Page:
With a new hospital rising over the Eisenhower Expressway and new rooftop gardens in bloom, Rush University Medical Center embodies the rejuvenation of Chicago's West Side. That's no accident. Over the past few decades, Rush has played an important role in the West Side's steady emergence from years of economic struggle and physical decay.
As two other medical schools moved away from the struggling neighborhood, Rush upheld its commitment to the area by investing in new facilities, including the Armour Academic Center, which opened in 1976, and the Atrium Building, which opened in 1982. Over the following years, the West Side began to flourish as other new and refurbished buildings, including offices and condos, appeared.
Then, in 2006, Rush reaffirmed its commitment to the community: It launched a 10-year redevelopment project, called the Rush Transformation, to redesign and reorient the campus and the way Rush provides medical care. The project entails new and renovated buildings designed to better support patient needs, as well as advanced technology that will improve the quality, safety and efficiency of patient care.
Another major part of this plan — less visible than the new construction but no less important — comprises the creation of opportunities for area residents.
With more than 8,000 employees, Rush is the largest nongovernmental employer on the West Side. So from the beginning, Rush leadership conceived the transformation as a way to rejuvenate not only the campus but also the lives of people who live around it. To achieve this aim, the Medical Center has been collaborating with local leaders and institutions to ensure that residents have the skills to establish promising careers — and to keep the West Side prospering long into the future.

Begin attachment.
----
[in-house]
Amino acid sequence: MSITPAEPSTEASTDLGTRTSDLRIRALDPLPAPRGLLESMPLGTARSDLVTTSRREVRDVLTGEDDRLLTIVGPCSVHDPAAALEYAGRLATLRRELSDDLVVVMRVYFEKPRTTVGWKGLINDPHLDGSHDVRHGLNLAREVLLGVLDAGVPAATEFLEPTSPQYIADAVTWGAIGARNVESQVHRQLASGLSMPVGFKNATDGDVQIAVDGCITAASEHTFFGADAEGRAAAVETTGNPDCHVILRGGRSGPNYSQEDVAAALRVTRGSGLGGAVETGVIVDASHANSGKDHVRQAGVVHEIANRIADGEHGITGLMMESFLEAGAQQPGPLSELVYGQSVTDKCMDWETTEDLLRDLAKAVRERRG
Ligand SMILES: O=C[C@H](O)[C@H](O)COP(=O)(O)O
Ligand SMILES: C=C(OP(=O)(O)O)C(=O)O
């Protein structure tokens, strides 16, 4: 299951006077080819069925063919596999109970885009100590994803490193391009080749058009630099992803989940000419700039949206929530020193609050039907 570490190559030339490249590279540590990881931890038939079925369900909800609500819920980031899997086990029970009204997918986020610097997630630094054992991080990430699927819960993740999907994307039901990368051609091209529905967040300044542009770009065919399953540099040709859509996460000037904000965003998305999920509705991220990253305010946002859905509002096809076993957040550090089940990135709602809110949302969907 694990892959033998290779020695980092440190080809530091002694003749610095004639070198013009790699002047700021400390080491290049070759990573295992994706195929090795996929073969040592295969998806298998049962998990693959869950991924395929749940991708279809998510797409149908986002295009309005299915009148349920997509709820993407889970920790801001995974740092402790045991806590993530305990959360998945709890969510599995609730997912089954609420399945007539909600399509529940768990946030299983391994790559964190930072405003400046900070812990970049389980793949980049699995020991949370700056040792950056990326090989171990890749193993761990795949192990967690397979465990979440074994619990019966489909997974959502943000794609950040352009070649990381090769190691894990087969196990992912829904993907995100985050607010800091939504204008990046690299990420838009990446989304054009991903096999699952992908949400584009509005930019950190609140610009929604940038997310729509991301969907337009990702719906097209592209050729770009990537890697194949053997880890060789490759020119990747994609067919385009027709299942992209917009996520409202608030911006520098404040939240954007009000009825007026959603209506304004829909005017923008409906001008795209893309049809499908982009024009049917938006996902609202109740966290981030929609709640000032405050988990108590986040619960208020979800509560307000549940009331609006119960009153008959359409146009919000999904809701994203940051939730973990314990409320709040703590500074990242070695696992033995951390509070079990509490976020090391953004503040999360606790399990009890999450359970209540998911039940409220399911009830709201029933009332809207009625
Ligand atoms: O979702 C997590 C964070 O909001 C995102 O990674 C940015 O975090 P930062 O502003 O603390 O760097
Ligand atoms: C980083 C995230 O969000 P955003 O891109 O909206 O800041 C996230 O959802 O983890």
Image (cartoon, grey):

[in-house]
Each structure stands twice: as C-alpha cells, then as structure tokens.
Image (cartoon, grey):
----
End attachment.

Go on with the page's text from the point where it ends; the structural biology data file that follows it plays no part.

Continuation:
For example, as part of an agreement between Rush and Malcolm X College, Rush University faculty members help the college develop its health sciences programs and the Medical Center provides clinical training opportunities for students in those programs. Rush also hosts an annual job fair at the college, where it identifies, and often hires, neighborhood talent.
Such talent gets applied in a variety of clinical and nonclinical settings. For instance, to help build the new hospital tower, Rush recruited and helped provide training for construction workers from the area. Rush also encouraged each of the contractors working on the transformation to hire a designated number of community residents.
Working toward the future
With about half of the transformation project still on the horizon, Rush will keep calling on workers from the community to help drive the ongoing rejuvenation of the Medical Center and the surrounding neighborhoods.
"That's what will have the most lasting impact on the community," says Terry Peterson, MPA, vice president for corporate and external affairs at Rush. "The new hospital building is beautiful and will be an amazing resource. But if you can provide people with training and a stable career path with a steady income — something that can help them give their kids more opportunities or move from renting to home ownership — those things will ensure the West Side thrives for years to come."
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